The L.A. City Council Has Voted to Cap the Fees Delivery Apps Charge to Local Restaurants

Many restaurants say they’ve depended on apps during the pandemic, but the fees cut into their already-slim margins
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Ordering food from local restaurants during the pandemic is a great way to help the economy and your community–but how you place your order can mean radically different things for a restaurant’s bottom line. Placing an order directly with the restaurant means that your entire bill goes to that restaurant, much as it would if you ate in the dining room. But order via a third-party delivery app like Postmates, Grubhub, or Uber Eats, and the restaurant might make 30 percent less off your same ticket. That’s because those apps charge fees to the restaurant, in addition to the fees they charge you, their end user. Now, L.A. City Council is taking action to cap the fees those tech companies can extract from restaurants, at least for the duration of the COVID-19 emergency.

Today’s unanimous vote in the council will direct city attorneys to draft up regulations that would establish some ground rules for fees charged by the apps, the Los Angeles Times reports. The proposal would cap fees charged by apps to 15 percent for delivery orders or 5 percent on services other than delivery, such as curbside pickup. The proposal also requires that 100 percent of tips customers add to their bill go directly to the driver. Once finalized, the rules would stay in effect for 90 days after whatever date L.A. ultimately lifts pandemic-related bans on dine-in restaurants.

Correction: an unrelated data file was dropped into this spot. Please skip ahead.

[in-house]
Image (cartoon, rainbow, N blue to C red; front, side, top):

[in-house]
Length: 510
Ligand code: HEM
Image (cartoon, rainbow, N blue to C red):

“We want to do all we can to help improve their [restaurants’] chances of survival, and the worst thing we could do is not lean in when we see these cases that look a lot like price gouging,” Councilmember Mitch O’Farrell, a proponent of the new regulations, told the Times in April. “What we want to do is our best at some regulation here so that the competitive marketplace can do a reset and motivate these apps to have more conscientious business practices. The worst thing that anyone could possibly do is profit off of someone’s vulnerabilities.”

Saving that 15 percent per order means more money goes into restaurant tills, which, some business owners say, could make the difference between paying workers for more hours or cutting back.

“I could potentially give some of my staff the salaries they were making before,” Shawn Nee of Burgers Never Say Die told the Times. 

Naturally, not everyone agrees that capping fees would be a win. Postmates has in recent weeks prompted app users to act to “keep delivery in Los Angeles,” by clicking a button in the app that sends a message against the proposal to council members. The company also circulated a petition amongst local restaurant owners, collecting endorsements from brands including Sweetfin, Fat Sal’s Deli, and Canter’s.

“Of course everyone wants a discount, but how?” Canter’s Deli owner Marc Canter told the Times. “Where are they going to get the money that provides their platform and hires drivers? It would be the same thing as the government telling Ford Motors they have to start producing cars and make all cars $3,000 from now on.”


RELATED: Delivery Apps Are Forcing L.A. Restaurants to Adjust to a Take-Out World—or Risk Starvation


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